Remarks by U.S. Ambassador Michael A. Raynor at the launch of a book “Ethiopia: The Living Churches of an Ancient Kingdom”

Remarks by
Michael Raynor 
U.S. Ambassador to Ethiopia
at the launch of a book “Ethiopia: the living Churches of an Ancient Kingdom”
U.S. Embassy, Addis Ababa
January 22, 2018

(As prepared for delivery)

Good Evening, and welcome!

Your Excellency the Minister of Culture and Tourism, Dr. Hirut Woldemariam,

Your Holiness Abune Matthias, Patriarch of Ethiopia, Archbishop of Axum, Echegue of the See of Saint TekleHaimanot

Your Graces Archbishop Samuel and Archbishop Aregawi

Members of the Ethiopian Orthodox Tewahido Church,

Colleagues from the Diplomatic Corps,

Distinguished Guests, Ladies and Gentlemen, Friends

Thank you all so much for being here tonight.

One of the greatest joys of being assigned to a diplomatic posting in Ethiopia is having the luxury of time to get to know the extraordinary history and culture of this amazing country.

And one of the great privileges of being here as Ambassador is that I sometimes have the chance to promote greater worldwide awareness of Ethiopia’s cultural richness, and to support Ethiopia in its singular role as the source and custodian of so much of the world’s religious, cultural, historical, and natural heritage.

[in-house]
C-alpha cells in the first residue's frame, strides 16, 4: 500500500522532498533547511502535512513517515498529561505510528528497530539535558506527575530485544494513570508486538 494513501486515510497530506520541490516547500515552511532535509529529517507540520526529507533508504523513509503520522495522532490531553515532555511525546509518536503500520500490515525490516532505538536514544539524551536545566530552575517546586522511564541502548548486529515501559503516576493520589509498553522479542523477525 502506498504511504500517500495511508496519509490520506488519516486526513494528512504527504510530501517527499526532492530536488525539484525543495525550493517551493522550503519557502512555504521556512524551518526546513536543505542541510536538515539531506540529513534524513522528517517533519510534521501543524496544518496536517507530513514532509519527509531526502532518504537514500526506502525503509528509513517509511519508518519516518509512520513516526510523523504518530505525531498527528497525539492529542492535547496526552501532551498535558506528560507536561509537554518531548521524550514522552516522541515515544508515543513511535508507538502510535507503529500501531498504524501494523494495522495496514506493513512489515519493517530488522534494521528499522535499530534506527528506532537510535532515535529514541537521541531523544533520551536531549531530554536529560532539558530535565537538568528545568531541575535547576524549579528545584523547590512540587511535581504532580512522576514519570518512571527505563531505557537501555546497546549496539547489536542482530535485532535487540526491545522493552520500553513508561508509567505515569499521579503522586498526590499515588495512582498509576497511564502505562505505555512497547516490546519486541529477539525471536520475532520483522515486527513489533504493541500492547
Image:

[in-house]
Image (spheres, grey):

I had that privilege just a few days ago, when I was at Fasil Pool in Gondar to witness Timket in its most impressive, solemn, and joyous expression.

I didn’t jump in the pool myself, but I did get soaked with holy water by a hose-wielding bishop, who seemed to feel I had a lot of sins to atone for.

Ethiopia is quite wisely seeking to have the Timket celebration in Gondar inscribed onto UNESCO’s intangible cultural heritage list, and having seen the event in person, I can’t imagine that this effort won’t meet with success.

I hope to have the privilege of supporting Ethiopia’s cultural heritage again in a few days, when I am scheduled to travel to Lalibela to inaugurate our latest project to help preserve some of the spectacular churches there.

And I am truly happy and honored to have that privilege tonight, when we celebrate the Ethiopian launch of a truly magnificent book:   “Ethiopia: The Living Churches of an Ancient Kingdom.”

This book is a monumental accomplishment: at 544 pages, more than 800 photographs, and weighing in at 9.2 pounds, or over 4 kilos.

But this book is much more than the sum of its statistics.

In tracing the history, legends, art, and faith of the Ethiopian Orthodox Tewahido Church, it covers the churches and monasteries of Aksum and Tigray, Lalibela and Lasta, Gondar and Lake Tana, describing in rich and vibrant detail the architecture, colorful decorations, and important Orthodox religious festivals of Ethiopia.

It is destined, I am sure, to significantly boost worldwide awareness and appreciation of these amazing treasures, and I expect it will motivate many more people to come and see these magnificent paces for themselves.

Some of the driving forces behind this landmark volume are here with us tonight.

You will be hearing from them shortly, but please join me in welcoming author Mary Anne Fitzgerald and photographer Nigel Pavitt.

On TV screens around the residence tonight, you’ll see a sampling of spectacular photographs from the book taken by Nigel and his colleagues.

Cultural heritage endures as a reminder to us all of the richness of our shared history and humanity, and as an opportunity to celebrate our past achievements and to preserve our enduring traditions.